Artificial Intelligence

Facial Recognition in Democracy


Smart contact lens based facial recognition, one possible future. Glasses based technology is already in use. Image Credit: Mission Impossible 4, Paramount Pictures.

Alexander Vipond

Microsoft President and Chief Legal Officer Brad Smith has called for the United States government to appoint a bipartisan expert commission on how to regulate facial recognition technology. In a blog post on the company’s website, Smith responded to allegations that Microsoft had provided the US Immigration and Customs Enforcement (ICE) with facial recognition technology earlier in January this year. The recent of role of ICE in the deportation and separation of immigrant families in the US has drawn large scale protests and widespread backlash across the country.

The possibility that this technology could have been used for such purposes saw Microsoft in the firing line, frantically seeking to explain the nature of their contract. Smith clarified that the contract is limited to “supporting legacy email, calendar, messaging and document management workloads” and reiterated that Microsoft does not support the policy.

This became the catalyst for Smith to call for the regulation of facial recognition technology. He posed two scenarios for the future use of the technology one positive, one negative.

Imagine finding a young missing child by recognizing her as she is being walked down the street. Imagine helping the police to identify a terrorist bent on destruction as he walks into the arena where you’re attending a sporting event. Imagine a smartphone camera and app that tells a person who is blind the name of the individual who has just walked into a room to join a meeting.

Imagine a government tracking everywhere you walked over the past month without your permission or knowledge. Imagine a database of everyone who attended a political rally that constitutes the very essence of free speech. Imagine the stores of a shopping mall using facial recognition to share information with each other about each shelf that you browse and product you buy, without asking you first.

The problem is those futures have already arrived.

In June, Jarrod Ramos murdered five journalists at the Capital Gazette in Anne Arundel County, Maryland over reporting of his criminal past. As he attempted to exit the scene by blending in with people fleeing, he refused to provide identification to local officers and fingerprinting failed. He was identified with facial recognition technology from a collection of state databases.

In non-democratic countries, governments are already rolling out persistent large scale surveillance of citizens using big data and facial recognition. And while the stores at the shopping mall aren’t sharing with each other yet, they have been deploying dual use facial recognition technology to prevent shoplifting and monitor customers’ in-store browsing habits to increase sales.

So, the future is already here. What do we do about it?

Behind the facial match is the data. Who has access to it? How and why is it used? In what situations can different levels of government employ the technology and what restrictions are there on private sector use? How long is biometric data kept for and can it be kept safe?

These are basic questions currently left unanswered by US law and that of many countries around the world. Smith himself raises a series of ethical issues about the legal standards of facial recognition algorithms. The spectrum ranges from persistent passive collection of everyone’s data, to data which is only used in a ticking time bomb situation. This variance reveals both the scale of the technology and the governance space democracies must define.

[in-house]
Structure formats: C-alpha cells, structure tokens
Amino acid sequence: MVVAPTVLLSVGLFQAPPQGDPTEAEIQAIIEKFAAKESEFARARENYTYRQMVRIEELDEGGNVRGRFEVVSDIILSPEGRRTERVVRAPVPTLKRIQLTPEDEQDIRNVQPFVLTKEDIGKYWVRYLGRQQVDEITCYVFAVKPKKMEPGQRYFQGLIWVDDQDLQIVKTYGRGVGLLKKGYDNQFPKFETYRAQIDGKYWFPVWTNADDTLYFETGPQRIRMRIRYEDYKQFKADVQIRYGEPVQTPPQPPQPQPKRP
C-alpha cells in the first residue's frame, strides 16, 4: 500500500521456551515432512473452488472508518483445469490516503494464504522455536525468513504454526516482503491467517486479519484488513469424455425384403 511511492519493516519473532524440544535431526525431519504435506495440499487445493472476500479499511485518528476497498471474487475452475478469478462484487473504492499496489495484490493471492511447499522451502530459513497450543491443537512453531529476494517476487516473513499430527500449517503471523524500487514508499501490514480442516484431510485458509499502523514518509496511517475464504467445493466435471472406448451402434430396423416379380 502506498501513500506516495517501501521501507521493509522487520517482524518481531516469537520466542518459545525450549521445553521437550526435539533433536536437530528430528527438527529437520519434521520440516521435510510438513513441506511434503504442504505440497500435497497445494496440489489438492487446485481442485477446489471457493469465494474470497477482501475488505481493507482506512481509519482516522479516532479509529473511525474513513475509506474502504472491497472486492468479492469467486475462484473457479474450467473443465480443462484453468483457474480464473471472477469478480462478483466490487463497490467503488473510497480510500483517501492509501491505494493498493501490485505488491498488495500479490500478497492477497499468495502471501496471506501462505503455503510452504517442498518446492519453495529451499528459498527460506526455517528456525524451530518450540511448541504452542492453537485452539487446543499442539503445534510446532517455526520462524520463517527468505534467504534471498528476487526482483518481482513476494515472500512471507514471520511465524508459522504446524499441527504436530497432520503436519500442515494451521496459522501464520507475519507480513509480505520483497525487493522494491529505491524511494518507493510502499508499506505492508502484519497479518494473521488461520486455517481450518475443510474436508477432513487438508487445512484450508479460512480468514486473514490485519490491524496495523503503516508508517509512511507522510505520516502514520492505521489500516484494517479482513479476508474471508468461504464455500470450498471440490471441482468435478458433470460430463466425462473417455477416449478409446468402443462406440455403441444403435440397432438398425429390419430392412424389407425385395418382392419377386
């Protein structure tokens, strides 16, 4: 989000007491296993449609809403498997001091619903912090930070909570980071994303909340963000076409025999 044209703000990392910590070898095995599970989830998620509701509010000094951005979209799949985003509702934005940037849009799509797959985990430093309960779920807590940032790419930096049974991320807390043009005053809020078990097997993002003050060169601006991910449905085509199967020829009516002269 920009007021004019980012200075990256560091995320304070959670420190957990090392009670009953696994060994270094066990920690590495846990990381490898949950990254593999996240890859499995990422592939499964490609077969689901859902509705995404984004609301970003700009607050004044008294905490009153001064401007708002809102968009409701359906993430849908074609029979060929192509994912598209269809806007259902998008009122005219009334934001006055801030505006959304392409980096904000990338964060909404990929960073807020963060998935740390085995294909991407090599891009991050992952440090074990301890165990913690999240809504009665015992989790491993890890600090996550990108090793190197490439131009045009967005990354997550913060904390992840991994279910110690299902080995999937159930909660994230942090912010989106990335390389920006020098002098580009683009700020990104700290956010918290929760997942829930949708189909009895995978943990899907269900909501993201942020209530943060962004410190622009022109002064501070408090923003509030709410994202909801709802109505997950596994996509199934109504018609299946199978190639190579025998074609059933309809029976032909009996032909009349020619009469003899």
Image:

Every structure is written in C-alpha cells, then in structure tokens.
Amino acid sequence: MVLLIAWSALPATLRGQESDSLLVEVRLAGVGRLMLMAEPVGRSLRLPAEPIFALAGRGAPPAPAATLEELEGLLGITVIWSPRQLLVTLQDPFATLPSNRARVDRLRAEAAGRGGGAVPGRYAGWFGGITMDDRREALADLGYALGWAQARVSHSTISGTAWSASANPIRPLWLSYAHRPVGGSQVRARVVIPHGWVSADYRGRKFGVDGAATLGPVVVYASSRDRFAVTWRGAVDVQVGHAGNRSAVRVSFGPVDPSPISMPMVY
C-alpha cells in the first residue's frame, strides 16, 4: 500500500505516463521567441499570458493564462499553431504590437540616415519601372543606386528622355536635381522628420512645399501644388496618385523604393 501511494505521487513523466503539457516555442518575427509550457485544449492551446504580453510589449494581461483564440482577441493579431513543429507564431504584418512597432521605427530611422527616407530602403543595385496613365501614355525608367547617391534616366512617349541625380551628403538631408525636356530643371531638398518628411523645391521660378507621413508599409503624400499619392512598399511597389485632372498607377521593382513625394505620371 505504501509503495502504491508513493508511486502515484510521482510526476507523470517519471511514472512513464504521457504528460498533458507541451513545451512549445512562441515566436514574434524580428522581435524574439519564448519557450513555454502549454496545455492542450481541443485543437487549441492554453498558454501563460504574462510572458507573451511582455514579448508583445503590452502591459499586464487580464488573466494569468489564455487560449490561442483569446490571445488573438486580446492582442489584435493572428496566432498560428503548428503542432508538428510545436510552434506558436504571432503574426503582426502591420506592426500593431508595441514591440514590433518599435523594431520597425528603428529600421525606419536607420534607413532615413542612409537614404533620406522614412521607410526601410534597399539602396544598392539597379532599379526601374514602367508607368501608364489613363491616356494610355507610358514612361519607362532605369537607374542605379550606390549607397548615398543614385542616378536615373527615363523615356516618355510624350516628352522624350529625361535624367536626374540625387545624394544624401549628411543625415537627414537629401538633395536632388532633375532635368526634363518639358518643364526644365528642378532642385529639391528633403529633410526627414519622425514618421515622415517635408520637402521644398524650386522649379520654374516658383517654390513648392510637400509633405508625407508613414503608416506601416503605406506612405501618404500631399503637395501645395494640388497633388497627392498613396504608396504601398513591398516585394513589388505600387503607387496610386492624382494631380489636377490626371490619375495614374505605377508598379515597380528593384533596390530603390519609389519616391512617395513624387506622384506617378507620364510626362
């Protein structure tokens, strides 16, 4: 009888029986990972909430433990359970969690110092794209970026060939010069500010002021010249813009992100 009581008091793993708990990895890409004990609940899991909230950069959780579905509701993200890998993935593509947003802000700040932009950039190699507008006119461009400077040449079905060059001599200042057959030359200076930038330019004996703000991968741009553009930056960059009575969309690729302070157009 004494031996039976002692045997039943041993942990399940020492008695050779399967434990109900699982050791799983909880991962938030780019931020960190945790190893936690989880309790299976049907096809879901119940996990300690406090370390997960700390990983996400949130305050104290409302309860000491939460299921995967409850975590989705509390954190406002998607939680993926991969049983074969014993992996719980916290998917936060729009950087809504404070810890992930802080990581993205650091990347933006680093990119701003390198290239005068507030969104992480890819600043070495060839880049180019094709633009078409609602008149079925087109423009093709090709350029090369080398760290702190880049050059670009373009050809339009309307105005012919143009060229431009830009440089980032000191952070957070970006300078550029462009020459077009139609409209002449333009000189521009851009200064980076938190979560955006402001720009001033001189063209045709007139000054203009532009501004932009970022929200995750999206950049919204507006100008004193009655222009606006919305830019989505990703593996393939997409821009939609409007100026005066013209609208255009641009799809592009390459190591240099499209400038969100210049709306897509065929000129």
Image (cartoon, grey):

As Smith notes, this does not absolve technology companies of responsibility. Microsoft has appointed an AI ethics board to help navigate new technologies and vet potential customers. This intrinsic method of fostering good governance is equally important to regulation (although it cannot replace it) in helping create a culture of ethical technology development. This is because companies can resist regulatory frameworks and view them as a series of loopholes to exploit and costs to be avoided. Both are necessary to create an environment in which the potential benefits of facial recognition technology can be reached without its abuse damaging democratic freedom.

However, the distinct problem of dual use applications of AI poses questions that should be answered before the final sign off. The Intelligence Advanced Projects Research Agency (IARPA) in the US has a set of questions it asks of proposed technologies. Questions such as if the technology is leaked, stolen, or copied, would we regret having developed it? Can the technology be made less prone to theft, replication and mass production? What is your estimate for how long it would take a major nation competitor to weaponize this technology after they learn about it? In light of the geo-strategic implications of AI products, major technology companies should consider these questions and add to them.

This addition should be a set of civil questions focused on how a proposed AI technology operates within a democracy. Questions on how the risk of discrimination could be mitigated. How will this technology anonymise and delete data it collects? Can this technology scale to affect democracy, in what ways? Questions like these could help tech companies balance their responsibility to civil society and the international community. This requires wider societal discussions on what rights citizens need in the digital age. This discussion must occur now, for as we have seen the future is already here. It is from this base of regulation and corporate governance that democracies can refine ideas on how to positively contribute to the global debate on AI ethics.

 

 

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